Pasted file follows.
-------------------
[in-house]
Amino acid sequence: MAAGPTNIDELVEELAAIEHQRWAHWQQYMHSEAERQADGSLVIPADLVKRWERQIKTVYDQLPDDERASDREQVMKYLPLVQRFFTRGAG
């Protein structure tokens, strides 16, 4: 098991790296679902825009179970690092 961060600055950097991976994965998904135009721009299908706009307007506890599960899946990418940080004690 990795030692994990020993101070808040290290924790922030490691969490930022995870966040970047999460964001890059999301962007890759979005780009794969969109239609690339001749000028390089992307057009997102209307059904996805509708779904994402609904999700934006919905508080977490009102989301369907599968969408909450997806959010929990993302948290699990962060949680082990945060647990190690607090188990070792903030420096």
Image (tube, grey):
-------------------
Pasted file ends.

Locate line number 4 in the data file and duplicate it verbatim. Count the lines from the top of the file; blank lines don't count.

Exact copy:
Image (tube, grey):